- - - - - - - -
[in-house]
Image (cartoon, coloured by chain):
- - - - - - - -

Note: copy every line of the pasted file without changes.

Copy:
[in-house]
Image (cartoon, coloured by chain):